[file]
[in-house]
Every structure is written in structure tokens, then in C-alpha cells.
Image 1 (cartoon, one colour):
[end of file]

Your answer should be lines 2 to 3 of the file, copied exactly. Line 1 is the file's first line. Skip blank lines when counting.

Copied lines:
Every structure is written in structure tokens, then in C-alpha cells.
Image 1 (cartoon, one colour):